– the bathroom (or providing a new bathroom, and making it easier for the person to use the facilities)
  • making the home safe for a disabled occupant and anyone else living with them
  • making it easier for the disabled person to prepare and cook food
  • improving the heating system or providing a suitable new heating system
  • making it easier for the person to move around their home to enable them to care for someone who is dependent on them and also lives there
  • improving or moving controls for heating, lighting and plug sockets.

Disabled facilities grants are means-tested. The test is applied to the person with disabilities and their partner, if they have one, even if the disabled person is not the applicant for the grant.

The maximum amount available as a disabled facilities grant is £30,000 in England, £36,000 in Wales and £25,000 in Northern Ireland. The local authority will not consider the grant application if the work has already started, so it is important to apply before any work begins.

Disabled facilities grants are generally administered by the local housing authority rather than the social services department, although this may vary across different authorities. An application form should be available from the grants department of your local authority offices.

Local authority assistance with housing repairs

Local housing authorities now have wide powers to help people with repairs, adaptations and improvements to their home. They can set their own conditions for this, such as whether to perform a means test, and under what circumstances financial assistance should be repaid. Assistance can be given in the form of a grant, a loan, labour, materials, advice or any combination of these. Local authorities may also require some sort of security for any financial assistance they provide, including taking a charge on a person’s home (securing a loan against the value of the house), if they own it.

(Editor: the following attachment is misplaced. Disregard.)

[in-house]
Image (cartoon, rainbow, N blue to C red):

What help is available to owner-occupiers, tenants or landlords will depend on each local authority’s policy. They must have a published policy that sets out the type of assistance they are willing to provide and under what circumstances. For more information, ask your local authority for a copy.

Other sources of funding

Social Fund

Some people may be eligible for a budgeting loan from the Social Fund to help with the cost of minor repairs or improvements to their home. This may include people receiving income support, income-based Jobseeker’s allowance or Pension credit guarantee. For people in the Universal credit system, a budgeting advance may be possible. Information about the Social Fund is available at local Jobcentre Plus offices. The local authority will also have information about any local welfare scheme which replaced Social Fund community care grants.


Some charities and trusts may offer help towards the cost of minor adaptations or repairs. Information is available at a local library, advice centre, Citizens Advice Bureau or other local agency, such as a housing advice agency. Alternatively, contact Charity Search, who can direct you to other charities that may be able to help (see ‘Other useful organisations’).

Getting hold of equipment yourself

When looking for a piece of equipment, it is important to ask for a product demonstration and seek professional advice. You can get advice from the Disabled Living Foundation (see ‘Other useful organisations’), independent or disabled living centres (ask your local council) and ‘assisted living’ shops on the high street. Equipment specially designed to help with disability, such as a wheelchair, should be exempt from VAT.